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Record display


Corchorus trilocularis L.

Protologue
Syst. nat. ed. 12, 2: 369 (1767).
Family
Tiliaceae (APG: Malvaceae)
Chromosome number
2n = 14
Vernacular names
Jew’s mallow, wild Jew’s mallow, bush okra (En). Corète à trois loges (Fr). Coreté (Po). Mlendo (Sw).
Origin and geographic distribution
The genus Corchorus probably originates from Africa, with a secondary centre of diversity in the Indo-Burmese region. Corchorus trilocularis is widespread over tropical Africa and is also found in tropical and subtropical Asia and Australia. In Africa it occurs from Cape Verde and Mauritania in the west, to Somalia, Comoros, Madagascar and Mauritius in the east, and to South Africa in the south; it has been recorded for many countries.
Uses
Young tender leaves of Corchorus trilocularis are cooked into a mucilaginous product that is either used as a sauce or as relish with maize or other cereal. It is popular because cooking does not take much time and requires only small amounts of fuel. In Western Uganda people prefer the flowers to the leaves and cook them as a mucilaginous vegetable to be mixed with more coarse vegetables. Dried flowers are ground into a powder and kept for use in the dry season. The plants are grazed by animals including cattle. In Somalia the stem fibres are used for rope making.
Production and international trade
Locally Corchorus trilocularis is a popular vegetable collected from the wild for home consumption and for sale at local markets. It is only rarely cultivated on a small scale.
Properties
The composition of Corchorus trilocularis is probably comparable to that of Corchorus olitorius L.
Adulterations and substitutes
Corchorus trilocularis can be replaced by okra or other Corchorus species, especially Corchorus olitorius. In drier regions it is mainly replaced by Corchorus tridens L.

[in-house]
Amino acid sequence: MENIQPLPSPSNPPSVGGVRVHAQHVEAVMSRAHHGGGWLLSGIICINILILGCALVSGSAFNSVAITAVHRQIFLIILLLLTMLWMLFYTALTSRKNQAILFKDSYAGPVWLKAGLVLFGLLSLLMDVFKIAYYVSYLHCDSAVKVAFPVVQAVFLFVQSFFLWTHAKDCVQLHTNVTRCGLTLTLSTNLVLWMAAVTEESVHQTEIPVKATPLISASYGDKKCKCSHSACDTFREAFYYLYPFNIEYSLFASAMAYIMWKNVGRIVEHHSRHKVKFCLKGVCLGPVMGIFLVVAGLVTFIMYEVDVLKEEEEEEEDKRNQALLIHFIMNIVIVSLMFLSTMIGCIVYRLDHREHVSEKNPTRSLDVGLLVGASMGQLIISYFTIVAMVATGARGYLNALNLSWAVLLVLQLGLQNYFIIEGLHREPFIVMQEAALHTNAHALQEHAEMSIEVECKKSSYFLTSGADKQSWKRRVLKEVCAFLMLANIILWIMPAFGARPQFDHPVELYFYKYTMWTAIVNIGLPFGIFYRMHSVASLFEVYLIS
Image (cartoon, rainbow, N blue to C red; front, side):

Description
Annual herb up to 1(–1.5) m tall, usually erect, sometimes with decumbent branches; stems fibrous and tough, often somewhat woody, often pubescent on one side. Leaves alternate, simple; stipules setaceous, up to 1.2 cm long, pubescent; petiole up to 0.5–2.5 cm long; blade ovate or oblong to lanceolate or narrowly elliptical, (2–)4–9(–13) cm × 0.5–3(–4) cm, rounded or broadly cuneate and with or without setaceous appendages up to 1 cm long at base, acute to obtuse at apex, margin serrate or crenate, usually pubescent on the veins, 3(–5)-veined from the base. Inflorescence a 1–3(–4)-flowered leaf-opposed fasciculate cyme, bracteate. Flowers bisexual, regular, usually 5-merous, shortly stalked; sepals free, narrowly lanceolate, (3–)6–10 mm long; petals free, oblanceolate, (3–)6–10 mm long, yellow, caducous; stamens up to 40(–60); ovary superior, 3(–4)-celled, style short. Fruit a slender cylindrical capsule up to 7(–8) cm long and up to 3 mm wide, slightly ribbed, with short beak at apex, scabrid, covered with stellate hairs when young, dehiscing by 3(–4) valves, many-seeded. Seeds oblong-ovoid, 1–1.5 mm long, dark brown to black.
Other botanical information
The genus Corchorus comprises an uncertain number of species, with estimates ranging from 40–100. Corchorus trilocularis can be confused with Corchorus tridens, but the latter has distinctly spreading horns at the fruit apex. Older leaves of Corchorus tridens are less liked than those of Corchorus trilocularis because they become bitter with age, probably due to an increase in tannins. Corchorus trilocularis can also be confused with Corchorus asplenifolius Burch., especially when it is grazed or trampled and stems become decumbent, but the latter is a perennial herb with woody rootstock.